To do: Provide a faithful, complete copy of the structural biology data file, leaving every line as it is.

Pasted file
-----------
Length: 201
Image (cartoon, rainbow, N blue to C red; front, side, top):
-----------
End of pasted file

Length: 201
Image (cartoon, rainbow, N blue to C red; front, side, top):